Defining & Redefining Success

Katrin Silva tells a story during the evening Storytelling Session at the Best Horse Practices Summit

Editor’s Note: Best Horse Practices Summit presenter Katrin Silva grew up riding dressage in Germany before moving to the United States at age 19 to learn to ride Western. She’s been riding both disciplines for the last 20 years and is a regular guest columnist for Cayuse Communications. The author of Dressage for All of Us: How to Help Any Horse Become a Happier, More Responsive Riding Partner and the forthcoming Ride with Feel: A Guide for the Rest of Us lives in New Mexico where she works with dressage and Western clients.

Visit her blog here.

Katrin Silva writes:

I started riding horses as a kid and rode purely for the enjoyment. I spent every spare minute at the barn, hopping on horses no one else wanted to ride, just so I could ride. My only goal was to spend as much time as I could on a horse’s back. I rode because it made me happy. I needed no reason, no measure of success other than the connection with the horse.

Silva at the 2022 Summit

Twenty years later, things had changed. I still wanted to ride horses all day, every day, but now had other goals, too, like the real and undeniable need to make a living. The clients who trusted me to work with their horses wanted tangible results in exchange for money, so I focused on these results. My ambitions as a young professional clustered around competitions. Success meant the achievement of clearly outlined extrinsic goals: placing at a show, earning a USDF medal, getting a score above 65. I believed no other way defined success, so I did not bother to look for one.

This did not mean I had stopped loving horses. While I made plenty of ignorant mistakes, being fair to every horse was as important to me back then as it is now. But being fair had nothing to do with how successful I felt. A judge’s or clinician’s verdict, on the other hand, meant everything. One negative comment had the power to destroy my confidence. Positive feedback from a horse or a client meant comparatively little. Predictably, I felt like a failure much of the time!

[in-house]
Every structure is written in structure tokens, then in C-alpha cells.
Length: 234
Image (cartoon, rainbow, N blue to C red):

I am 52 years old and, compared to my colleagues, have not achieved much in the dressage ring: I’ve never shown above 4th Level and am still two scores away from my USDF silver medal.

But, thankfully, my definition of success has changed. Here are the essential questions I ask myself every day. Their honest answers now define how successful I feel about my work:

  • Did I get on each horse with an agenda and expectations of my own, or did I take the time to feel, to listen to the horse’s side of the conversation before determining how today’s training session would look?

Silva and Josh Nichol at the 2022 Summit

Success means meeting every horse where he is, today, at this moment. Success means letting go of my ego and letting the horse tell me what he needs. 

  • Did I just go through the motions while working with each horse, or did I get off a slightly more balanced, more athletic, more aligned, more confident, more focused horse than the one I got on?

Success means making tiny bits of progress every day. They add up over time.

  • Did I use the tools I have to the best of my ability or did I become sloppy? Did I show up for every horse with focus and empathy? Did I give every horse and every student my full attention?

Success does not mean Im perfect. It means I keep trying. It means I keep learning.

  • Did I enjoy the ride? Ultimately, I realize that I have known the most important measure of success all along: I don’t enjoy riding a tense, weak, anxious, or unbalanced horse.

I enjoy riding a relaxed, strong, straight, confident athlete – or a horse who is moving in that direction, slowly, but surely. My horses – and my clients – seem happy with this approach, too.

How do you define success? I’m curious. Let me know!

Posted in BestHorsePractices Summit, Horsemen & Women, Training.


  1. I feel your sentiments in my own experience. I’m so grateful that I grew up with horses in my backyard and not a horse show in sight except for maybe the occasional 4H show that my Appaloosa friends would take me to. If I had not had this background, I would not have had the experience of horses to return to after hitting the dressage horse show scene in my 20’s. I experienced early success showing my TB which made me strive for more. Then there was a shift when the warmbloods came ashore and judges seemed to just be looking at the gaits and not so much the correct way of going and harmony. I became overly focused on this too and shows became stress inducers of perfection. I’ve come back around to the relationship with the horse in my riding while still having goals. There was a lot of letting go, mentally and physically.

    • Thank you for sharing your story., Lisa. I think we went through similar experiences in the dressage ring. I started showing in the 1990s, on a 14.2 Morgan, and a couple of Quarter Horses. I did pretty well for a while, but then, lilke you say, the Warmbloods came and I was last in every class. Very discouraging. If I competed at recognized dressage shows on these horses now, I’d be laughed out of the ring.

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